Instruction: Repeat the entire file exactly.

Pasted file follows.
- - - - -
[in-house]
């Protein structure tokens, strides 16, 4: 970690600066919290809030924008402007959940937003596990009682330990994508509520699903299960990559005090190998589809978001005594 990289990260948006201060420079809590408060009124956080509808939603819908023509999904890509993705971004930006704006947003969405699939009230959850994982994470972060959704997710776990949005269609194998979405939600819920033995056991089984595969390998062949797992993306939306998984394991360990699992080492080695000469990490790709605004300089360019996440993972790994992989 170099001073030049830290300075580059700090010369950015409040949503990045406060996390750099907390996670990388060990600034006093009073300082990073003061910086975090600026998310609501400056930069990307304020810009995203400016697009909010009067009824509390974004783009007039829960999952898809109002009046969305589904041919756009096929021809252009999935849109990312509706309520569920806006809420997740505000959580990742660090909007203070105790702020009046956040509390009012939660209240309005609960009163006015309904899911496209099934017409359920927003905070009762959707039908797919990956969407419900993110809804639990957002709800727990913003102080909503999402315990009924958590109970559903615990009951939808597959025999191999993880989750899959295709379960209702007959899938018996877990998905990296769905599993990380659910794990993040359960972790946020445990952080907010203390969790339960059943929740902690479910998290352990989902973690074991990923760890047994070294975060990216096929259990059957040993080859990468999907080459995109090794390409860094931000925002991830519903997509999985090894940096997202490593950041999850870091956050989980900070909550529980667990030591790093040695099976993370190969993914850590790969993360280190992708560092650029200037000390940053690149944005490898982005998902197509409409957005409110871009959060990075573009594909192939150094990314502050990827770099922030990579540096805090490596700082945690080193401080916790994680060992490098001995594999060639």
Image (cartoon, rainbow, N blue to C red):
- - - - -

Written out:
[in-house]
């Protein structure tokens, strides 16, 4: 970690600066919290809030924008402007959940937003596990009682330990994508509520699903299960990559005090190998589809978001005594 990289990260948006201060420079809590408060009124956080509808939603819908023509999904890509993705971004930006704006947003969405699939009230959850994982994470972060959704997710776990949005269609194998979405939600819920033995056991089984595969390998062949797992993306939306998984394991360990699992080492080695000469990490790709605004300089360019996440993972790994992989 170099001073030049830290300075580059700090010369950015409040949503990045406060996390750099907390996670990388060990600034006093009073300082990073003061910086975090600026998310609501400056930069990307304020810009995203400016697009909010009067009824509390974004783009007039829960999952898809109002009046969305589904041919756009096929021809252009999935849109990312509706309520569920806006809420997740505000959580990742660090909007203070105790702020009046956040509390009012939660209240309005609960009163006015309904899911496209099934017409359920927003905070009762959707039908797919990956969407419900993110809804639990957002709800727990913003102080909503999402315990009924958590109970559903615990009951939808597959025999191999993880989750899959295709379960209702007959899938018996877990998905990296769905599993990380659910794990993040359960972790946020445990952080907010203390969790339960059943929740902690479910998290352990989902973690074991990923760890047994070294975060990216096929259990059957040993080859990468999907080459995109090794390409860094931000925002991830519903997509999985090894940096997202490593950041999850870091956050989980900070909550529980667990030591790093040695099976993370190969993914850590790969993360280190992708560092650029200037000390940053690149944005490898982005998902197509409409957005409110871009959060990075573009594909192939150094990314502050990827770099922030990579540096805090490596700082945690080193401080916790994680060992490098001995594999060639």
Image (cartoon, rainbow, N blue to C red):